The Yellow-Crowned Night Heron is found only in the Americas. The species is carnivorous and has a life expectancy of around 6 years in the wild. This bird doesn’t have the grace that other Herons do, but it makes up for it with its blue-grey body and the yellow plumes it sports, which gives it a certain elegance and unique appearance.
Since these birds are mostly crab eaters, they can be spotted along the coast most often. However, they are solitary creatures and quite secretive as well.
|Scientific name||Ardea herodias|
The Great Blue Heron is found in North, South, and Central America. The species is carnivorous and has a life expectancy of around 15 years in the wild.
This is the largest Heron in North America, coming in at between 3.5 to 4.5 feet. They have superior fishing skills, where they stand patiently waiting for the fish to come within striking distance, then they swallow the fish whole.
They will eat fish, mice, and insects, and though they hunt alone, they do live in large colonies any other time.
|Scientific name||Butorides virescens|
One of the smaller Heron breeds, the Green Heron, can be found in North, South, and Central America as well. They are carnivores and have a life expectancy of around 12 years in the wild.
They are solitary birds that you can spot in small bodies of water and dense foliage. They make a distinctive “kyow” sound when they take flight, which is how many bird watchers are alerted to their presence in time to see them before they fly away.
|Scientific name||Butorides Striata|
The Striated Heron is found mostly in North, South, and Central America but they can be spotted in Japan, Australia, and Africa as well. They are carnivorous and have a life expectancy of about 7 years in the wild.
Though they belong to the Heron family, they have more traits in common with the Bittern family of birds instead. This breed is small, has drooping breasts, and all grey bodies. The best way to spot a Striated Heron is by its hunched posture, as this is how they hunt down their prey.
|Scientific name||Egretta rufescens|
The Reddish Egret can be found in Texas in the United States. This breed is carnivorous and has a life expectancy of about 12 years in the wild.
This is one of the rarest species of Egret birds in America due to hunting and habitat concerns. While this breed is a highly social bird, it can be strict when it comes to its hunting grounds. You can tell when you’ve spotted a Reddish Egret by their hyperactive eating patterns, which easily distinguishes them from other birds in their species.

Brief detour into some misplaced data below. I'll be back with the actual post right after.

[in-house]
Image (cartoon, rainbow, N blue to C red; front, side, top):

|Scientific name||Porphyrio martinicus|
The Purple Gallinule is a medium-sized bird with a life expectancy of 22 years. The bird’s low grating call has been likened to the sound a chicken makes. This breed of birds can be found in the Florida peninsula all year long.
This breed has also been known to forage while swimming and when walking along the riverbanks that it inhabits as well. The Purple Gallinule is most often found in swamps and wetlands.
|Scientific name||Grus americana|
The Whooping Crane can reach a whopping 19 pounds in weight and has really long legs too. The Whooping Crane could once be spotted all across Northern America. Now, however, there’s only one wild population that can be seen in northern Canada and on the Texas coast.
This long-legged bird has a lifespan of between 22 and 24 years in the wild. However, if it’s in captivity, it can live longer when taken care of properly. This bird is also the tallest in North America. It’ll also eat anything that gets close to it, such as frogs, fish, mollusks, and whatever they can find in marshes and ponds.
This concludes our list of 15 birds with long legs. While there are many long birds in the world, to us, these are the most unique and certainly the most interesting to behold.
From the Snowy Egret to any of the Herons on our list, there’s sure to be a long-legged bird out there that you’d love to see, and we’ve shown you where to find them.
Featured Image Credit: Bishnu Sarangi, Pixabay
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Robert’s obsession with all things optical started early in life, when his optician father would bring home prototypes for Robert to play with. Nowadays, Robert is dedicated to helping others find the right optics for their needs. His hobbies include astronomy, astrophysics, and model building. Originally from Newark, NJ, he resides in Santa Fe, New Mexico, where the nighttime skies are filled with glittering stars.